||August 3, 2001
Fire causes chaos at
Kiosk in 1973
|The Staniforth Lumber Company mill at Kiosk, from across Lake Kioshkoqui.
At Kiosk in Algonquin Park on Friday the 13th, in July 1973, Amedee
Laferriere, the Staniforth Lumber and Veneer Company saw filer and town
barber, retired after 47 years at Fossmill and Kiosk. While celebrating
with friends and neighbours, the fire whistle at the mill began to blast,
and everyone ran to see what was happening. Ninety minutes later, the ten-acre
Staniforth complex had burned to the ground. A row of metal boxcars that
happened to be between the mill and the town, glowed red hot and saved
some homes. It took a few months to sink in, but the fire was the beginning
of the end for the 600 residents of the largest community and industrial
complex in Algonquin Park history.
There was the usual shock, disbelief, anger, and finally-in most cases-acceptance
of the circumstances. Most loved their community and wanted to retire and
spend the rest of their lives there. The dozens of men and women from Kiosk
and the surrounding area, who worked in the mill and bush, were the main
economic base for a huge area.
The fire at Kiosk on Friday the 13th, July 1973.
There was considerable anxiety in Kiosk in the years before the fire.
The Master Plan for Algonquin Park (1974) was in its final stages of development,
and there were indications that logging would continue in the park, but
that mills would not be allowed. The Kiosk Union put up a good fight to
be heard and tried to save the community. There were suggestions that Kiosk,
just 3 km inside the park, might be exchanged for other land for the park,
so the community could continue. At one point there was talk of a survey
of the town site so the leased land could be purchased by the homeowners:
but this did not materialize. The biggest thing in the town's favour was
the size of the town. About the only thing that could move it was a fire,
and it happened. Some people still believe that there was a conspiracy
to burn the mill.
There were other changes at Kiosk prior to the fire. The three Staniforth
brothers sold the mill to Universal Oil Products, and the mill became the
Goodman-Staniforth Company. The Staniforths had taken over the management
of the J.R. Booth operation in Tee Lake, Quebec in 1963 and later the Booth
operation at Lachute, Quebec. They remained as advisors at Kiosk. There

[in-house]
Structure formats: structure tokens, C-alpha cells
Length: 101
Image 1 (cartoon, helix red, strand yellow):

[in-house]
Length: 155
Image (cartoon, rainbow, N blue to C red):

were also rumours that, in spite of a conscientious program of "sustainable
cutting," the lease on the Staniforth limits might not be renewed by the
government; financial viability became a question for the Staniforths.
After the fire there was a brief hope that the mill would be rebuilt,
but this soon faded. The union fought for severance and retraining. Some
work was found cleaning up the site and removing the remaining logs and
lumber. Trees levelled in a tornado near Lake Manitou provided some work.
Like Fossmill, some families left right away and others hung in, trying
to get some compensation for their homes. The government finally came through
with a reasonable offer, and gave a 1996 deadline for all to leave. There
was nothing left at Kiosk well before that date.
The town of Kiosk from the air, showing the mill and town
site on both sides of the Amable du Fond River.
Kiosk was unincorporated but had a municipal association that played
a significant role in acquiring the compensation for the homes that the
workers had built or purchased. The school soon did not have enough students
to maintain itself, and the children began to be bussed to Mattawa, adding
to the frustration of the parents.
Universal Oil Products built a veneer mill at Rutherglen after the fire,
and some Kiosk workers got work there. It was sold to G.W. Marten, and
after his death in a plane crash in 1984, it was bought by Columbia Forest
Products. Some Kiosk men went with the Staniforths to Tee Lake, where some
It is interesting to note that Amedee Laferriere, mentioned above, married
Rachel Denis, whose father came from Fassett Quebec to Fossmill and later
to Kiosk. Amedee and Rachel's son Gilles and his son Guy, continue to work
at Columbia Forest Products today, providing almost 100 years of continuous
service in the lumber industry.
At the management level, Sydney Staniforth's father was a lumberman
in Quebec before the turn of the century, where a lake is named after him.
Sydney's son Donald has a son Robert, who works out of Vermont for Columbia
Forest Products, and like the Laferrrieres, continues four generations
of the family in the business.
The Kiosk story would not be complete without mentioning that many former
residents still remain good friends and meet annually for a Kiosk reunion,
where they play golf, enjoy a good meal and a dance, and reminisce. I have
attended several of these events and will again on August 18th in Mattawa,
where I will be showing slides and talking about an upcoming book my son
and I are preparing on Kiosk.
The recent revision of the Algonquin Park Master Plan (1998) proposes
improved and expanded camping sites and some educational programming at
Kiosk. A 43-hectare developmental zone has been established for future
use. There have been rumours about the development of a small interpretation
centre there to preserve some of the long history of Kiosk. The old CNR
rail bed has potential as a walking trail for future visitors to the park.
It will be interesting to see what happens.
Next week I will proceed further down the old CNR line to Brent, and
will provide details on Heritage Days there, August 15th and 16th at the
old ranger's cabin.
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